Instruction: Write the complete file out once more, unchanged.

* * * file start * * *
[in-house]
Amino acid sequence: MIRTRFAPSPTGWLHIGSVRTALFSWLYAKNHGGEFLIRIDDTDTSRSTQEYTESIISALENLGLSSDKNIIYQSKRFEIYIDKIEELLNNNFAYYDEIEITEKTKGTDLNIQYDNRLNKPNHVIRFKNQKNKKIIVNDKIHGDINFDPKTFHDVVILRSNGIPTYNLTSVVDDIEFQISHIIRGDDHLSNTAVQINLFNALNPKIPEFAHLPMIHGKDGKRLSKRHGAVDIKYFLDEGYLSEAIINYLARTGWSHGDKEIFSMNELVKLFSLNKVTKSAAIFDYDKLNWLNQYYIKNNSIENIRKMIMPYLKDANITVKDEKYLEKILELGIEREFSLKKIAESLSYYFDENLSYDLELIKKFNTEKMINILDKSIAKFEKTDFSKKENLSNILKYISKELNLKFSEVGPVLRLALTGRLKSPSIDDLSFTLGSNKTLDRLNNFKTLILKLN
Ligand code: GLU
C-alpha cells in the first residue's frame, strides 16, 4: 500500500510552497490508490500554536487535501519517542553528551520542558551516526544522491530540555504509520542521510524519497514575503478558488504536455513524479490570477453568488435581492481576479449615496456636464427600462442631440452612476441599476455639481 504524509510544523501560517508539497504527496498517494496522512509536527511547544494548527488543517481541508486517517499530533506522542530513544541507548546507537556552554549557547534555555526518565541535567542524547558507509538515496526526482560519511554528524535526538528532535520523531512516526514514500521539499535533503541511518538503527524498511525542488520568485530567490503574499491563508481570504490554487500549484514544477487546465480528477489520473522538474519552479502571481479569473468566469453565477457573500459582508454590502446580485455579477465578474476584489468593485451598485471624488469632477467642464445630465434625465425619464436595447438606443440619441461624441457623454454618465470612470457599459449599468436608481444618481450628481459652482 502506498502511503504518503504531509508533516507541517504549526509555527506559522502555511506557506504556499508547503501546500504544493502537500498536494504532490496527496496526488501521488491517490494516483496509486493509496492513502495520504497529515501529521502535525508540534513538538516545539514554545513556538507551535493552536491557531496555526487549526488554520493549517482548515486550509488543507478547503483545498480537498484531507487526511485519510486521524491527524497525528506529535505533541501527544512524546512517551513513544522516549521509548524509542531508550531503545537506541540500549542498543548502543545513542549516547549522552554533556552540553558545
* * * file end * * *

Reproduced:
[in-house]
Amino acid sequence: MIRTRFAPSPTGWLHIGSVRTALFSWLYAKNHGGEFLIRIDDTDTSRSTQEYTESIISALENLGLSSDKNIIYQSKRFEIYIDKIEELLNNNFAYYDEIEITEKTKGTDLNIQYDNRLNKPNHVIRFKNQKNKKIIVNDKIHGDINFDPKTFHDVVILRSNGIPTYNLTSVVDDIEFQISHIIRGDDHLSNTAVQINLFNALNPKIPEFAHLPMIHGKDGKRLSKRHGAVDIKYFLDEGYLSEAIINYLARTGWSHGDKEIFSMNELVKLFSLNKVTKSAAIFDYDKLNWLNQYYIKNNSIENIRKMIMPYLKDANITVKDEKYLEKILELGIEREFSLKKIAESLSYYFDENLSYDLELIKKFNTEKMINILDKSIAKFEKTDFSKKENLSNILKYISKELNLKFSEVGPVLRLALTGRLKSPSIDDLSFTLGSNKTLDRLNNFKTLILKLN
Ligand code: GLU
C-alpha cells in the first residue's frame, strides 16, 4: 500500500510552497490508490500554536487535501519517542553528551520542558551516526544522491530540555504509520542521510524519497514575503478558488504536455513524479490570477453568488435581492481576479449615496456636464427600462442631440452612476441599476455639481 504524509510544523501560517508539497504527496498517494496522512509536527511547544494548527488543517481541508486517517499530533506522542530513544541507548546507537556552554549557547534555555526518565541535567542524547558507509538515496526526482560519511554528524535526538528532535520523531512516526514514500521539499535533503541511518538503527524498511525542488520568485530567490503574499491563508481570504490554487500549484514544477487546465480528477489520473522538474519552479502571481479569473468566469453565477457573500459582508454590502446580485455579477465578474476584489468593485451598485471624488469632477467642464445630465434625465425619464436595447438606443440619441461624441457623454454618465470612470457599459449599468436608481444618481450628481459652482 502506498502511503504518503504531509508533516507541517504549526509555527506559522502555511506557506504556499508547503501546500504544493502537500498536494504532490496527496496526488501521488491517490494516483496509486493509496492513502495520504497529515501529521502535525508540534513538538516545539514554545513556538507551535493552536491557531496555526487549526488554520493549517482548515486550509488543507478547503483545498480537498484531507487526511485519510486521524491527524497525528506529535505533541501527544512524546512517551513513544522516549521509548524509542531508550531503545537506541540500549542498543548502543545513542549516547549522552554533556552540553558545